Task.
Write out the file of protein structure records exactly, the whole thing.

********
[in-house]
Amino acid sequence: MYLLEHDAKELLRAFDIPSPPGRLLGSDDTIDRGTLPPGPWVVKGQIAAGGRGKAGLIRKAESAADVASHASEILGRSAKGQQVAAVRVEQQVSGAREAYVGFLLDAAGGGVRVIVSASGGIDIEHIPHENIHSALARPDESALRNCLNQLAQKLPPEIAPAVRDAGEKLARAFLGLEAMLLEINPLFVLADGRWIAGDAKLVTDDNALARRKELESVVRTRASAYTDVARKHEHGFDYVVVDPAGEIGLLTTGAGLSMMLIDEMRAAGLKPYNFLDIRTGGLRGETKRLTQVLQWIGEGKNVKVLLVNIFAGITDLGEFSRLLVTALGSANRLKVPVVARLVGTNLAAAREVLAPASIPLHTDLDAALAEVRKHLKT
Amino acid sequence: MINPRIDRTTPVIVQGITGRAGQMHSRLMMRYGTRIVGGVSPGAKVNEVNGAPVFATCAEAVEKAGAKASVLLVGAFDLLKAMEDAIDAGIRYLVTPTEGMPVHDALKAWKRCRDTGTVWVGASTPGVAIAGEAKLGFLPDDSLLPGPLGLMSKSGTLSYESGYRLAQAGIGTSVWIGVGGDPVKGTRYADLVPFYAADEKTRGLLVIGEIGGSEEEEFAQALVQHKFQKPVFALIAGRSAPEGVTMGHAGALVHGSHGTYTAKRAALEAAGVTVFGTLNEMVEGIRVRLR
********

[in-house]
Amino acid sequence: MYLLEHDAKELLRAFDIPSPPGRLLGSDDTIDRGTLPPGPWVVKGQIAAGGRGKAGLIRKAESAADVASHASEILGRSAKGQQVAAVRVEQQVSGAREAYVGFLLDAAGGGVRVIVSASGGIDIEHIPHENIHSALARPDESALRNCLNQLAQKLPPEIAPAVRDAGEKLARAFLGLEAMLLEINPLFVLADGRWIAGDAKLVTDDNALARRKELESVVRTRASAYTDVARKHEHGFDYVVVDPAGEIGLLTTGAGLSMMLIDEMRAAGLKPYNFLDIRTGGLRGETKRLTQVLQWIGEGKNVKVLLVNIFAGITDLGEFSRLLVTALGSANRLKVPVVARLVGTNLAAAREVLAPASIPLHTDLDAALAEVRKHLKT
Amino acid sequence: MINPRIDRTTPVIVQGITGRAGQMHSRLMMRYGTRIVGGVSPGAKVNEVNGAPVFATCAEAVEKAGAKASVLLVGAFDLLKAMEDAIDAGIRYLVTPTEGMPVHDALKAWKRCRDTGTVWVGASTPGVAIAGEAKLGFLPDDSLLPGPLGLMSKSGTLSYESGYRLAQAGIGTSVWIGVGGDPVKGTRYADLVPFYAADEKTRGLLVIGEIGGSEEEEFAQALVQHKFQKPVFALIAGRSAPEGVTMGHAGALVHGSHGTYTAKRAALEAAGVTVFGTLNEMVEGIRVRLR